Topic 2 Posts


Thoughts, musings, and excerpts from essays and articles.

One must qualify that much of what is today called "artificial intelligence" is little more than traditional regression analysis, the basic technique taught in introductory statistics courses, but on an unprecedented scale and presence in daily life. None of this technology approaches the conscious, adaptive, reflective capacities often associated with the term, the kind we would find in 2001: A Space Odyssey's HAL 9000 or Star Trek's Mr. Data. The labeling of these techniques as "artificial intelligence" arises in part from the ideological aspirations of Silicon Valley and in part from its overhyped marketing, and so ought to be resisted. But for the sake of critique we will adopt it here.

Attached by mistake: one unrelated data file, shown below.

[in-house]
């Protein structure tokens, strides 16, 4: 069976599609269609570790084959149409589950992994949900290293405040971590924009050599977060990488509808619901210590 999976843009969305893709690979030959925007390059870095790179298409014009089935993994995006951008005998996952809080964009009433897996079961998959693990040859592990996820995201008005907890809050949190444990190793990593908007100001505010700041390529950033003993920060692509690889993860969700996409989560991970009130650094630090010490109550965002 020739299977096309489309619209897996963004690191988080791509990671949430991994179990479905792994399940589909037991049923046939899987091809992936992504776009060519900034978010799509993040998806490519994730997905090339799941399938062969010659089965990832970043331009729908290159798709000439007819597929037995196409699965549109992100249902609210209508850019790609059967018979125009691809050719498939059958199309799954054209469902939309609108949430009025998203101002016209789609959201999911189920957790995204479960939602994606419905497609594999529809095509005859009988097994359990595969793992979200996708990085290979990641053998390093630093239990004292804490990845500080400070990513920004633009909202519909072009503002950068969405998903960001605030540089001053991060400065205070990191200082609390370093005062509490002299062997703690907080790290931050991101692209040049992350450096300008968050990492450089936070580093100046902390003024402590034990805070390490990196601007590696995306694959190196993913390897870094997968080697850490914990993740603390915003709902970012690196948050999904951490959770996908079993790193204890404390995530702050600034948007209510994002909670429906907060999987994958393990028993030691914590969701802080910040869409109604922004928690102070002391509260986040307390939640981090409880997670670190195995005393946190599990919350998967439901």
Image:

Jon Askonas, "How Tech Utopia Fostered Tyranny"

I would suggest that what is profoundly wrong at the moment with Western democracies is that the art of politics has been replaced by the technique of politics. For some time now, democratic struggles between divergent points of view in the national and international areas has been replaced by a coalescence around an agreed-upon set of ideas. Politics becomes a wrangling about implementation rather than a competition among fundamentally different ideas. We are now asked to vote for the best managerial team to achieve a set of goals that, with minor variations, both political sides are pretty much agreed on. Both in the EU and in the UK, there is a dearth of new ideas and a complete lack of political creativity. By default, the population was asked to decide on the future, but the vote and the debate that surrounded the referendum have still left much in the dark. The public has had its say and now, more than ever, we are in need of political artistry to find a way forward.

Mihail Evans, "Brexit: Why Referenda are not the Ultimate Democratic Tests"